Being charged with a crime can be a scary time in your life. You need an attorney that will stand by you, explain your charges thoroughly, walk you through your next steps and fight to protect your rights. Our team of experienced attorneys at Young Marr and Associates will do just that.
We have more than 20 years’ experience in criminal law and it’s our dedication and extensive knowledge that can help to make the event a little more bearable. Young Marr and Associates is devoted to providing clients with top-notch services, no matter what your criminal law needs encompass.
We take the time to educate our clients on their legal rights and advise them on the best course of action, depending on the situation. Our attorneys are dedicated to treating each case, each person with the respect and the expertise they deserve.
The definition of criminal law is a body of rules and statutes that defines conduct prohibited by the government because it threatens and harms public safety and the welfare of people and their property. Criminal law also seeks to prosecute the person or persons who committed a crime.
Whether you are guilty or not, it’s important to understand what you’re being charged with, why you are being charged with it and what your rights are. There’s a reason you have a right to legal counsel if you’ve been charged with a crime. Without adequate representation for the person being charged, the balance of power within the justice system would become skewed in favor of government.
Our criminal defense lawyers are keenly aware of each case and person they’re representing, often settling a case out of court by negotiating with prosecutors. Through negotiating with prosecutors outside of court, we may be able to eliminate or reduce your charges and penalties.
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Whether you face a felony or you’re fighting a simple traffic violation, at Young, Marr and Associates, we do our best to get you the treatment and compensation you deserve!
Criminal law divides crimes into two main categories, felonies and misdemeanors.
A misdemeanor is typically a lesser crime. It usually involves a potential prison sentence of a year or less and many times allows for alternative sentencing such as small fines, community service or rehabilitation programs. Some examples of misdemeanor crimes include simple assault, disorderly conduct, first DUI/DWI, trespassing, solicitation and vandalism.
Unlike a misdemeanor, a felony is a more serious crime. The punishments for a felony and misdemeanor differ greatly. Felonies tend to involve prison sentences of a year or more, fines, or a combination of both. Very serious felonies can warrant life in prison or the death penalty. Some examples of felony crimes include murder, rape, terroristic threats, burglary, kidnapping, or arson.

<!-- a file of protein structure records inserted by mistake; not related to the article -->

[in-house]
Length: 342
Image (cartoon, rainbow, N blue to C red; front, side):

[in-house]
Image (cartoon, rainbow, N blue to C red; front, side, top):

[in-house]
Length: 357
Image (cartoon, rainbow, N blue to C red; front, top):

The rules change depending on whether the crime is charged in State or Federal Court. Most criminal matters are dealt with in state courts unless the crime occurred on federal property, a federal employee committed the crime, or the criminal activity affects interstate commerce. For the government to have power to regulate behavior, it must have “jurisdiction,” which means the crime occurs within a state’s boundaries, violates a state’s laws, and therefore gives that state the power to prosecute. Likewise, a crime that occurs on federal property authorizes the federal government to deal with the suspect. Some crimes violate both state and federal law, which enables both governments to bring criminal charges.
Before you speak with the police or any officer of the court about claims of wrongdoing, it’s a good idea to have a criminal lawyer present to defend your rights.
For either a felony or misdemeanor offense, your first court hearing will be called an initial appearance (arraignment). At the initial appearance, the judge will read and if necessary explain the charges filed against you. You will also be advised of your right to legal representation. If you’ve requested counsel or counsel has been appointed, or if you indicate that private counsel will be retained, a plea of not guilty is entered. If you enter a not guilty plea, a trial date will be set.
If you plead guilty, either a date will be set for sentencing or the magistrate or judge will impose probation, fines or other sentences immediately. In some cases, the judge or magistrate may allow a defendant to plead nolo contendere, or no contest. In many jurisdictions, a plea of no contest is equivalent to a guilty plea, except the defendant is not directly admitting guilt.
If you plead not guilty, the judge or magistrate typically sets the amount of bail.
For a felony, you would not enter a plea. The matter is set for preliminary hearing to establish if a crime has been committed and if there is probable cause to believe that you committed the offense(s). The judge or magistrate will also set the amount of bail, if applicable.
During the preliminary hearing, the government must demonstrate to a judge or magistrate that there is sufficient evidence, or probable cause that you committed the crime. If the court finds there is no probable cause, the matter is dismissed. If probable cause is established, the case is transferred to trial court.
With the support of a criminal lawyer, you can raise questions about the basis of the charges you face, and the handling of testimony, evidence and police and court procedures.
If you would like to set up an appointment with a criminal law attorney at Young, Marr and Associates, please contact us at (215) 372-8667.
We are in Montgomery County at 101 Greenwood Avenue 4th Floor Jenkintown, PA 19046, across from Verizon.